the triple points of neon and carbon dioxide are 24.57 k and 216.55K respectively. Express these temperatures on Celsius and Fahrenheit scales

Triple point of neon = 24.57 K

and, triple point of CO_{2} = 216.55K

these two temperatures are given on absolute or Kelvin temperature scale.

On Celsius Scale:-

T_{C} = T_{K} - 273

Where T_{C} is temperature on Celsius scale

T_{K} is temperature on Kelvin scale

Thus,

Triple point of neon = 24.57 - 273.15 = -248.58°C

Triple point of C0_{2} = 216.55 - 273.15 = -56.6°C

On Fahrenheit scale:-

T_{F} = (9T_{C}/ 5 )+ 32

T_{F} is temperature on Fahrenheit scale.

T_{C} is temperature on Celsius scale

Thus,

Triple point of neon = (9/5)(-248.48) + 32

= 415.44 °F

Triple point of CO_{2} = (9/5)(-56.6) + 32

= - 69.88 ° F

Two absolute scales A and B have triple points of water defined as 200A and 350A. What is the relation between T

Given that on absolute scale

Triple point of water on scale A = 200 A

Triple point of water on scale B = 350 B

Also, triple point of water on Kelvin scale = 273.16 K

Now temperature on scale A and on scale B is equivalent to 273.16 K on absolute temperature scale.

Thus, value of one degree on absolute scale A = (273.16/200) K

Or,

Value of temperature T_{A} on absolute scale A = (273.16XT_{A})/200

Similarly value of temperature T_{B} on absolute scale B = (273.16XT_{B})/350

Since T_{A} and T_{B} represent the same temperature

273.16×T_{A}/200 = 273.16×T_{B}/350

Or, T_{A} = 200T_{B}/350 = 4T_{B}/ 7

The pressure of the gas in constant volume gas thermometer are 80 cm, 90 cm and 100 cm of mercury at the ice point, the steam point and in a heated wax bath respectively. Find the temperature of the wax bath.

Given that,

Pressure at ice point P_{ice} = 80 cm Hg

Pressure at steam P_{steam} = 90 cm Hg

Pressure at heated wax bath P_{wax} = 100 cm Hg

The temperature of wax bath on the scale measured by thermometer is

$T_{wax} =\frac {P_{wax} - P_{ice}}{P_{steam} - P_{ice}} \times 100 $ ° C

$=\frac {100cm Hg - 80 cm Hg}{90cm Hg - 80 cm Hg} \times 100$ °C

=200 ° C

A resistance thermometer reads R= 20.0Ω, 27.5Ω and 50.0 Ω at the ice point (0°C), the steam point (100°C) and the zinc point 420°C respectively. Assuming that the resistance varies with temperature as R

Given are the values of resistances,

at ice point 0°C, R_{0} = 20.0Ω

at steam point 100°C, R_{100} = 27.5Ω

at zinc point 420°C, R_{z} = 50.0Ω

Now resistance R_{θ} varies as

R_{θ} = R_{0} (1+αθ+βθ^{2})

For resistance at ice point

R_{ice}= R_{0} (1 +α°C +β(0°C)^{2})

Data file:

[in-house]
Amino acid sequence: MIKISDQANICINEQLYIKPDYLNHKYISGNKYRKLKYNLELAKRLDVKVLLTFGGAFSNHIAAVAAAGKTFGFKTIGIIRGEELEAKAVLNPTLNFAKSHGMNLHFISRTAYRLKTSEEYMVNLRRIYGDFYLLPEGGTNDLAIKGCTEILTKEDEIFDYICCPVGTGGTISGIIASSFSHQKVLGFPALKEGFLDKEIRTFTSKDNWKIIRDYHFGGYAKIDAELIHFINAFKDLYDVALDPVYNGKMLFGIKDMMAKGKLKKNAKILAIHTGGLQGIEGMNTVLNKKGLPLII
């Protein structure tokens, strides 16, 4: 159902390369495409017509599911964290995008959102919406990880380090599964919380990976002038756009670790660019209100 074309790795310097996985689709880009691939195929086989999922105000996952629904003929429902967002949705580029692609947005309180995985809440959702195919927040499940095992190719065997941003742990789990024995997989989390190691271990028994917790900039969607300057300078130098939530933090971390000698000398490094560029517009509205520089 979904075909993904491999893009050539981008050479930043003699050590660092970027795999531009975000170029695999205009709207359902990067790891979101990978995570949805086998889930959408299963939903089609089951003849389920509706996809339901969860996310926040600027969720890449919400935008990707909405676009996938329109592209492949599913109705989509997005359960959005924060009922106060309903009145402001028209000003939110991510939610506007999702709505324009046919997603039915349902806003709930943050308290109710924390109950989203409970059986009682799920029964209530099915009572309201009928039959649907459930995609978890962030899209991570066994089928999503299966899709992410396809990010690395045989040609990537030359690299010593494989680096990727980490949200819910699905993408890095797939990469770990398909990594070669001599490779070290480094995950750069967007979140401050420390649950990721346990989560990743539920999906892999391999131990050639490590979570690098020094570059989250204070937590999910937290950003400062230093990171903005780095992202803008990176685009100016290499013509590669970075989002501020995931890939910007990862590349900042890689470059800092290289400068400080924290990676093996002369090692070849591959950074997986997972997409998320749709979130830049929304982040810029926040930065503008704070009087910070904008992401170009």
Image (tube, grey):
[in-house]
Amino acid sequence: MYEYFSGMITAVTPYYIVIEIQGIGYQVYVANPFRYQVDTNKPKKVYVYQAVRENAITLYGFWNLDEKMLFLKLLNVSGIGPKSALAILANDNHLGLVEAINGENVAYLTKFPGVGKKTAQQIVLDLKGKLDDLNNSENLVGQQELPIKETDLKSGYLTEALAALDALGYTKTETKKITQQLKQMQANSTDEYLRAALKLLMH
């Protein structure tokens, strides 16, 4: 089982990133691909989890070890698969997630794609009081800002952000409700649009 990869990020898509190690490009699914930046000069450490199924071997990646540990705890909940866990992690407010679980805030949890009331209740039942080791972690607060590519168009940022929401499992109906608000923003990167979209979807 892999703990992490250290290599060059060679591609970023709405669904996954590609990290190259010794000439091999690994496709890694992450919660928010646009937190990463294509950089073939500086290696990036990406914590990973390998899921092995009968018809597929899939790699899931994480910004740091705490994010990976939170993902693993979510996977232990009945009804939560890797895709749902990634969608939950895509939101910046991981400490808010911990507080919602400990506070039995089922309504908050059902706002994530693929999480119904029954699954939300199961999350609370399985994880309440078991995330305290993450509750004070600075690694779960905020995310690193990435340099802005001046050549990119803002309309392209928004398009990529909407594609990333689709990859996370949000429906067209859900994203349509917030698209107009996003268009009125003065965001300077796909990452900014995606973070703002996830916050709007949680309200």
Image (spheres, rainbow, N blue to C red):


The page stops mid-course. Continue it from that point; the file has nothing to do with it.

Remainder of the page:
R_{ice} = R_{0} = 20°C

For resistance at steam point

R_{steam}= R_{0} (1 +α(100°C) +β(100°C^{2})

27.5α / 20.0α = 1 + 100 (α+ 100β)

or,

α+100β= 3.75 × 10^{-3} .......(i)

for resistance at zinc point

R_{z} = R_{0} [1 +α(420°C) +β(420°C)^{2}]

(50Ω/ 20.0Ω)- 1 = 420 (α+420β)

or α+ 420β= 3.75 × 10^{-3} .......(ii)

Subtracting (i) and (ii) we find the value of β

α+ 420 β- α-100 β= 3.57 × 10^{-3}-3.75× 10^{-3}

or

320β= - 0.18× 10^{-3}

or,

β = - 5.62× 10^{-3} °C^{-1}

Put the value of β in eqn (i) for finding value of α

thus α= 3.75× 10^{-3}- 100 (-5.62× 10^{-7})

or,

α= 3.8× 10^{-3} °C^{-1}

A circular hole of diameter 2.00 cm is made in an aluminium plate at 0°C. What will be the diameter at 100°C. α for aluminium = 2.3 × 10

Diameter of circular hole in aluminium plate at 0°C = 2.0 cm

With increase in temperature from 0°C to 100°C diameter of ring increases.

Using,

l = l_{0}(1 +αΔθ)

Where,

l_{0} = 2.0 cm

α= 2.3 x 10_{-3} °C^{-1}

and Δθ= (100°C - 0°C) = 100°C

we can find diameter at 100°C

l= 2(1 + 2.3 x 10^{-5}X 100°C)

= 2.0046 cm.

The density of water at 0°C is 0.998 gm/cm

Density is mass per unit volume given in the question is density of water at 0°C and 4°C

ρ_{0} = .998 gm/cm^{3} and ρ_{4}=1.00 gm/cm^{3} with increase in temperature volume of water changes using,

V = V_{0} (1 +βθ)

β is the coefficient of volume expansion.

Volume at 4°C equals

V_{4} = V_{0}(1 +β (4°C - 0°C))

or V_{4} = V_{0} (1 + 4β)

If m is the mass of water then density of water at 4°C is

m/V_{4} =m/V_{0} [(1 + 4β)]

or ρ_{4} = ρ_{0} / (1 +4β)

1.00 =.998/(1+4β)

1 +4β = .998

β = -5 X 10^{-4} °C^{-1}

Refer to the below plot of temperature versus time showing the changes in the state of ice on heating (not to scale)

Which of the following is correct?

(a) The region AB represents ice and water in thermal equilibrium.

(b) At B water starts boiling.

(c) At C all the water gets converted into steam.

(d) C to D represents water and steam in equilibrium at boiling point.

(a) and (d)

A glass vessel measures exactly 10cm × 10cm × 10cm at 0°C. It is filled completely with mercury at this temperature. When the temperature rises to 10°C , 1.6 cm

At temperature θ= 0°C Volume of glass vessel is

V = 1000 cm^{3}

It is then completely filled with mercury.

At temperature θ= 10°C, 1.6 cm^{3} of mercury overflows

we have to calculate coefficient of volume expansion of mercury γ_{m}

Coefficient of volume expansion of glass γ_{g}= 3α

γ_{g} = 3 × 6.5 × 10^{-6} °C^{-1}

= 1.95 × 10^{-5} °C^{-1}

Volume expansion of mercury at 10°C

V_{mθ}=V_{0} (1+γ_{m}Δθ)

and that of glass.

V_{gθ}=V_{0} (1+γ_{g}Δθ)

now volume of mercury overflown is

V_{mθ}-V_{gθ} = V_{0}(γ_{m}-γ_{g})Δθ

1.6 cm^{3} = 1000 × 10°C (γ_{m} - 1.95 × 10^{-5})

γ_{m} = 1.795 × 10^{-4}

or approximately

γ_{m} = 1.8 × 10^{-4} °C^{-1}.

A steel rod is clamped at its two ends and rests on a fixed horizontal base. The rod is unstrained at 20°C. Find the longitudinal strain developed in the rod if temperature rises to 50°C. Coefficient of linear expansion of steel is 1.2 × 10

Due to increase in temperature there would be an fractional increase in length of the rod. But since the rod is rigidly clamped. The tension must increase by sufficient amount to produce and equal and opposite change in length. Thus total change in length due to thermal expansion plus longitudinal strain is zero

αΔθ+longitudinal strain = 0

longitudinal = -αΔθ